“They are, through no fault of their own, without biological parents, and are in need of a new permanent family. To deny them a mother’s love, or a father’s care, is compounding their loss. As we know, and social science proves, it is in the best interests of a child to experience the love of a mum and a dad, wherever possible,” she said.

Who is a parent?

There’s at least two meanings to the term ‘parent,’ though the fact many of us are parents in both senses tends to obscure the difference.

One meaning is biological and purely descriptive. Parenthood in this sense is also an either/or proposition: a DNA test, for instance, reveals you’re either the biological father of a child, or you’re not.

The other sense of ‘parent’ is social and normative. A parent in this sense is a person who fulfils a particular role in a child’s life. That role is complex, but includes distinctive types of responsibility for unconditionally loving, raising, and protecting children. This sense admits of degrees, too: you can be more or less of a father in the social sense.

Darth Vader is Luke’s father only in the biological sense. Conversely, many step-parents and adoptive parents are parents in the second sense – not merely substitute parents or guardians or in loco parentis, but actually, substantively, parents.

No, Luke, I am your father, but only in one of the two relevant senses.
Jim Reynolds/Wikimedia

Adoptive parents

The ACL often give the impression that their concern is fundamentally about biological rather than social parenthood. ACL’s managing director Lyle Shelton has framed much of his organisation’s opposition to same-sex marriage on the basis that it would legitimize same-sex parenting (despite the fact this already occurs, perfectly successfully) and that this form of parenting involves “taking a baby away from its mother, from the breast of its mother and giving it to two men.”

That, pretty clearly, puts the biological ahead of the social sense of ‘parent,’ given that Shelton also insists “Our objection … is not that same-sex parents cannot be good parents – of course they can be.”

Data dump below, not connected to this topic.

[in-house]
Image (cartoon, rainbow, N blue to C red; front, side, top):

However, ACL’s opposition to allowing orphans in particular to be adopted by same-sex couples explodes that argument. If your objection to same-sex parenting is based on the premise that children should be raised by their biological parents wherever possible, that objection can have no force in cases where there’s no possibility of that happening. As orphans by definition cannot be raised by their biological parents anymore, the adoptive “mum and dad” Francis insists upon must be parents in the social sense, not the biological sense.

So if it’s not about biological relation, why should the gender of the adoptive parents matter?

It seems we’re left with two options: either parents need to ‘model’ gender roles for their children, or men and women parent differently in ways that are jointly beneficial. Let’s consider these options in turn.

Modelling gender

Commentators like the ACL often rail against the understanding that gender is “fluid.” This opposition suggests, then, that they believe gender (or some part thereof) to be fixed, innate, and biologically essential.

But if that’s the case, then it’s not clear why kids would need parents of specific genders to act as exemplars at all. Surely innate gender traits would develop regardless of who does the parenting? Left-handed kids don’t need a left-handed parent to show them how to be left-handed; if ‘boyishness’ and ‘girlishness’ are similarly innate, why would they need to be modelled?

On the other hand, if gender roles are not innate, it might make sense that they need to be modelled and taught in order to be acquired. Or perhaps they’re more like talents: innate, but requiring training and practice to realise. But in either case, we now need to hear a reason why they should be taught and realised. We need a reason to believe gender roles matter, or at least matter enough to frame laws around who can adopt.

But what reason could that be? ‘No’ proponents clearly think gender is important, but never tell us why. And given the obvious harms gender norms inflict on people – telling women to be submissive, men to be emotionally distant and aggressive etc. – any attempt to argue in their favour would be starting from a very long way behind.